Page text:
Maltese businessman Yorgen Fenech, who was arrested in connection with an investigation into the murder of journalist Daphne Caruana Galizia, leaves the Courts of Justice in Valletta, Malta, November 29, 2019. Photo: REUTERS/Yara Nardi

A shadow was cast over those proceedings from the earliest stages when a lawyer from the Attorney General’s office joined Fenech’s defence team within 24 hours of resigning from the prosecution.

The businessman’s lawyers have clogged the courts with an interminable string of bail requests since his dramatic December 2019 arrest, but it is their continuing attacks on the credibility of middleman turned State’s witness Melvin Theuma which poses the greatest threat to the prosecution’s case.

The case against the alleged mastermind is largely based on secret recordings the middleman made of their conversations, which contain shocking details of both the murder plot and attempts to cover it up, aided by high ranking police officials and prominent Labour Party politicians.

The defence team is claiming that what Theuma said in his secret recordings does not match his court testimony and that not all recordings have been disclosed. Fenech insists the middleman had access to “official confidential information” about the murder.

Theuma is both the prosecution’s star witness and the weakest link in the case, especially given the mysterious way his Presidential pardon was negotiated with and granted by disgraced former prime minister Joseph Muscat, whose closest associates have repeatedly been named in connection with the murder, and with the many high-level corruption scandals, Caruana Galizia was investigating when she was killed.

The public inquiry into the assassination deemed the Maltese State responsible for Daphne Caruana Galizia’s death, a fact that raises further questions about the ability of a compromised Cabinet to decide on pardons for the men accused of this crime.

How can they act as both ministers bearing collective responsibility for the murder, and as judges in deciding who receives a pardon? Are they deciding based on whether the information on offer might affect members of the government?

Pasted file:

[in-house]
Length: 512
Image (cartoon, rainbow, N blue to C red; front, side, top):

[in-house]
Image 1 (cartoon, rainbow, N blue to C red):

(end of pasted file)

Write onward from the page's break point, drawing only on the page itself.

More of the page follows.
As the gears of Malta’s justice system ground on — seemingly in neutral — civil society NGO Repubblika held a 72-hour sit-in outside police headquarters to protest Commissioner Angelo Gafa’s failure to prosecute Konrad Mizzi, the former minister behind the public hospitals deal and the Electrogas power station project Caruana Galizia was investigating when she was killed.

Photo: Repubblika

“We want a country where the justice system does not look at the faces of people but rather award the good and not the bad,” Repubblika president Robert Aquilina said, referring to the former energy minister’s refusal to appear before a parliamentary committee to answer questions about Electrogas. “The Maltese are fed up of the situation where public officials are serving corrupt individuals, criminals and assassins instead of the public.”

The sit-in culminated in a larger public gathering outside the Office of the Prime Minister on Friday night, as outraged citizens demanded action.

Malta’s corruption-tainted politicians are watching these latest attacks on the cases against the accused hitmen and mastermind closely, especially those who have been repeatedly implicated in both the murder plot and efforts to cover it up.

Yorgen Fenech’s doctor has admitted to the court that he smuggled a letter from Joseph Muscat’s former chief of staff Keith Schembri to the alleged mastermind soon after his arrest outlining a plan to pin the murder on the Economy Minister.

The accused mastermind reportedly looked at the papers and said, “If I go down, everyone goes down with me.” Yet the fear is now that everyone will get off scot-free.

The following project is weekly Maltese Roundups prepared by The Shift News (Malta) offering the latest news in the Daphne Caruana Galizia case.